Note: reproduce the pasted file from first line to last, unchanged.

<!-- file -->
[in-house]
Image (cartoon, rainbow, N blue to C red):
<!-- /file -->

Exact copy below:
[in-house]
Image (cartoon, rainbow, N blue to C red):